This has been an unhappy affair, and I can assure your Lordships that I had no intention, when we began this debate, to refer to what we discussed in general last year. My main concern, and I repeat it, is that these men who now face being unemployed shall be given the opportunity to find a job in which all three of them can give useful service.

4.5 p.m.


My Lords, I intend to intervene only briefly in this discussion and to express my regret that once again we are discussing the deplorable happenings at Court Lees School. In spite of the protestations we have heard to the contrary, any discussion of this kind must inevitably involve detailed discussions of the running of the school itself and those who say that this school was typical of the system are, in my view, gravely indicting the approved school system as a whole and individual members of the staff who were involved in the inquiry held under the chairmanship of Mr. Gibbens.

As the noble Lord, Lord Brooke of Cumnor, has reminded us, this matter was fully debated here last November, and has also been debated in another place. He himself was present through most if not all of our debate. It is true that he did not participate, but I assumed from his silence on that occasion, and knowing his deep concern for the welfare and well being of children and young people, as evidenced during his term of office as Home Secretary, that he was satisfied and in general agreement with the findings of the inquiry. As I recall the previous debate in this House, the only Member present in your Lordships' House who appeared not to accept the findings of the inquiry was the right reverend Prelate the Bishop of Southwark, and he has confirmed that impression again to-day.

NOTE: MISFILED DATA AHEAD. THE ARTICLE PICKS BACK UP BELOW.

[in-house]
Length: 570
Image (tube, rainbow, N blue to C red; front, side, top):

We must remember what was said in paragraph 37 of the Gibbons Report, and particularly in paragraph 57, where we had the opinions of the distinguished forensic experts on the photographs that were produced in evidence. They said that if they had been shown such photographs in another sphere they would have felt it necessary to report their findings either to the police or to other suitable authorities. In the light of these paragraphs we surely have no alternative here to-day but to endorse the action of the Home Secretary in refusing to condone excessive severity by not approving the appointment of either the head or the deputy head of Court Lees to future headships of approved schools.

We have heard that the Secretary of State for Education and Science arranged for Mr. Haydon and Mr. Draycon to have available to them the normal procedures of appeal for teachers; that they have been through those procedures, and that, as a result, they are to be allowed to continue their professions as teachers, although grave warnings have been issued. But the responsibilities of the Home Secretary in this matter, in my view—and, I am sure, in his view and in the view of my noble friend Lord Stonham—go far beyond the classroom situation. Heads of approved schools, deputy heads and those holding posts of special responsibility have heavy and grave duties in relation to the social care and education of the boys who are committed to them by the juvenile courts. The responsibilities here are so grave that I myself should find the greatest difficulty in supporting a Home Secretary who continued to employ as heads of approved schools staff who had been involved in the happenings at Court Lees, and who, in the words of the Report of the inquiry, had been found guilty of, or responsible for, using excessive punishment on boys in their care, for breaking the rules of the approved school service, and who, in my view, have brought great discredit on the approved school service as a whole.

I hope that this is the last occasion on which we shall debate the events at Court Lees School. To-day the Surrey County Council is re-establishing a school in the same buildings and on new lines. We all know the grave shortage of places for the care, treatment and training of children and young people who have come before the courts as being in need of care, protection and control, or who have committed a criminal offence. I hope that very shortly we shall be debating a far more urgent matter in relation to the approved school service; namely, the Government's future proposals for the approved schools, of which we had such an interesting preview, if I may put it in that way, from my noble friend Lord Stonham when we last debated this matter.

4.9 p.m.